Senate Bill 122, “An Act Establishing A Unit Within The Division Of State Police To Investigate Hate Crimes And Criminal Acts Committed By Extremist Groups,” would establish a Hate Crimes and Extremist Group Investigative Unit within Connecticut State Police. That unit would prevent, investigate, detect and assist law enforcement concerning any alleged crime violating hate crime statutes or motivated by bigotry or bias, as well as investigate actions by any individual or group encouraging, condoning, justifying or supporting commission of violent crime to achieve political, ideological, religious, social or economic goals.

“I wish it weren’t so, but we have seen a rising trend of hate crimes across our country, and the FBI continues to warn of extremists capable of committing violence,” said Sen. Anwar. “We have seen the tragic consequences of leaving this trend unchecked in brutal events that have occurred across the country. As a result, we need to make sure the victims of these crimes can receive restitution – and just as importantly, we must do all we can to prevent and protect against future crimes. I’m encouraged to see the Public Safety Committee strongly favor this legislation and I look forward to fighting for it on the Senate floor. Our community is only as strong as our unity, and we must stand up against hate when it threatens to divide us.”

According to FBI statistics, Connecticut saw 76 hate crimes reported in 2019, the most recent year in which data has been compiled. Of those hate crimes, 48 were directed against an individual’s race, ethnicity or ancestry, 16 involved an individual’s religion, 11 involved sexual orientation and one involved gender. A recent report from the Anti-Defamation League tracked 193 incidents of hate, extremism and antisemitism in Connecticut in 2019 and 2020, additionally noting the year saw the highest level of white supremacist propaganda circulated in the United States in decades.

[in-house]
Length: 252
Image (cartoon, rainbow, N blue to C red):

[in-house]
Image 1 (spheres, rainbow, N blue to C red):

The Hate Crime unit would further compile, maintain and analyze data regarding these crimes and publish an annual report providing information about them. Law enforcement units would also submit reports to the Hate Crimes and Extremist Group Investigative Unit no more than 14 days after reports of hate crimes or extremist acts, and beginning in 2022, state police will develop a standardized form allowing such reports to be easily made.

Another bill, SB 989, An Act Concerning Online Harrassment, dealing also with online hate crimes, has also been a priority for both JFACT and the Anti-Defamation League (ADL).

The bill has been introduced to the Senate.

Steve Ginsburg, director of the ADL’s Connecticut Regional office, gave testimony in support of the bill to the Judiciary Committee last month.

“SB 989 is a critical bill that will close certain gaps in Connecticut’s legal framework and send an important signal all residents in our state,” Ginsburg said. “We’re giving law enforcement the tools they need to hold perpetrators responsible and to protect and empower vulnerable groups and individuals. If passed, this law will bring to light the very serious consequences of malicious and hateful online conduct and make Connecticut a national leader in the fight against online hate.”

Main Photo: JFACT Executive Drector Michael Bloom